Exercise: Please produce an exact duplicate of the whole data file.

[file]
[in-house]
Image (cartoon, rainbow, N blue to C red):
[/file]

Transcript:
[in-house]
Image (cartoon, rainbow, N blue to C red):